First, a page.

A loving study of women’s bodies and family ties, Nosotras/Ellas (Us Women/Them Women) is a cinematic essay filled with painterly images. The matriarchy that first-time director Julia Pesce explores consists of her own kin — mother, sister, aunts, great-aunts and cousins. And as the film’s title suggests, she’s both part of the group and outside it, an observer on the other side of the lens.
The beautifully shot doc, which screened recently at True/False in Missouri, delivers striking moments, yet with its languid pace and lack of social context, it too often feels airless. Marking Pesce as a talent to watch, this debut outing is strictly fest fare, although its hourlong running time makes it a ready fit for arts-oriented small-screen schedules.
Poetically crafted, hermetically sealed.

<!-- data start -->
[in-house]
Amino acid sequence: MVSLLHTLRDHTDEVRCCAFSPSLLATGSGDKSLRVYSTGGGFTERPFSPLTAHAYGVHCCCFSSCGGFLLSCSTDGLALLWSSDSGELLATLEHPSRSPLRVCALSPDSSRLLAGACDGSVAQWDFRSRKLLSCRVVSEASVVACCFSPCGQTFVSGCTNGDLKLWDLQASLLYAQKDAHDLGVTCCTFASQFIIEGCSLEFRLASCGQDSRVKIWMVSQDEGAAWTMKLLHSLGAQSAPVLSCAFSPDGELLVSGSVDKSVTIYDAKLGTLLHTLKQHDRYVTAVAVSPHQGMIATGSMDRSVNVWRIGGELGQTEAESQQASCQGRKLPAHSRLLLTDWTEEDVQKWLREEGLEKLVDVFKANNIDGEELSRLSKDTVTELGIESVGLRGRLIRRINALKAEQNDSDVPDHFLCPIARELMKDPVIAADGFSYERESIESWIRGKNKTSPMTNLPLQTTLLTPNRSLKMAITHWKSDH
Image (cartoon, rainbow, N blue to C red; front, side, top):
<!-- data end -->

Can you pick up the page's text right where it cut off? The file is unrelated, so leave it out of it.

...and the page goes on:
Focusing on nine women, mainly over one summer in an old country house, Pesce structures the piece with a grave-to-cradle framework, beginning with a New Year’s toast around an elderly aunt’s sickbed and ending with labor pains and childbirth, captured in handsome, gore-free imagery.
Along the way, ablution figures prominently; the women, without the slightest sense of modesty, bathe themselves and each other, at home and in a nearby river. Serving as cinematographer, Pesce builds moods and textures from nature, domestic vignettes and an almost abstract sense of the women themselves. The overlapping relationships of the physically similar females aren’t always clear, and at various points they seem to blend into one another, no doubt as intended.
A bit of narrative enters the picture with one young cousin’s pregnancy. The sometimes angry Skype conversations about this turn of events are thoughtful glimpses into attitudes about motherhood and domesticity, lending a welcome edge to the film’s dreamy aesthetic.
Production company: Cine el Calefon
Director-screenwriter: Julia Pesce
Producers: Lucia Torres, Ezequiel Salinas
Executive producers: Juan Carlos Maristany
Camera: Julia Pesce
Editor: Lucia Torres
Sound designer: Federico Disandro
Not rated, 64 minutes